Auntie SparkNotes: Am I a Sheeple?
It's been dawning on me lately that I might be easily persuaded into things with hardly any critical thought, even though I'm already twenty years old. Not sure if this is the case, though, so I wanted to ask you for advice.
Let me start off with a mundane example: after the historic Rick & Morty season 3 premiere livestream, I reblogged a lot of jokes about the Mulan McDonald's Szechuan nugget sauce that was mentioned in the episode. I even drew some fan art of Mulan and Cri-Kee with chicken nuggets and Szechuan sauce. A friend of mine noticed the reblog and art and told me, "You know that Justin Roiland and Dan Harmon probably had McDonald's pay them for advertising the company on the show, right?" She told me that this was all a plan for McDonald's to get more free advertising and that they would end up giving the sauce again sometime soon. She told me that I was acting like another R&M sheep and falling mindlessly for a blatant capitalism trick.
All I wanted to do was share a joke from the show, and if the sauce is actually as good as Rick said it was, I wouldn't mind trying it myself. But I can see what she means; if this was a ploy for free advertising, I fell for it hook, line, and sinker.
Now here's a less mundane example: when I was eating breakfast at a restaurant near my university, there was a man who walked up to me and asked me for $20. He had dirty clothes and missing teeth, and he told me that he was homeless and unemployed. He told me that he needed the money to buy clothes, and I was happy to help. After I gave him a $20 bill and paid for a small meal for him, a police officer came up to us and asked if he could talk to the man. As I waited, I saw the officer frisk the man against a wall and call another officer in. Long story short, this man a) wasn't actually homeless, b) had been panhandling from and harassing other people in that same area for the past few weeks (going so far as to go up to people inside the store like with me), and c) was intoxicated (!?). (The police showed me the breathalyzer that showed me his decently high blood alcohol level.)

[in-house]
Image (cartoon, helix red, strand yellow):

I was shocked. I was sure that man was homeless, but it turned out that he wasn't. And how did I not see that he was drunk!? He was slurring, but I thought it was because he had missing teeth. How could I not notice something that was right in front of me? And I lost more than $20 because of it.
Auntie, am I really that easy to fool? Is there something I should do? Am I really a sheep who believes and follows others mindlessly?
Well, let's put it this way: even if you were that easy to fool, you're certainly not anymore.
There's no cure for gullibility like being had, and while $20 isn't nothing, you might consider it a fair price for getting a useful lesson in the virtues of a little healthy skepticism. (It sure beats losing your life savings to a Nigerian prince, among other things.) And the next time you're approached by a guy who claims to be homeless and hungry, you'll know better than to just fork over the contents of your wallet, right? You'll consider the situation with a more critical eye; you'll sniff the air to see if you detect a whiff of b.s. (or booze); and you'll make a decision that weighs the wisdom of experience against your sympathetic impulses.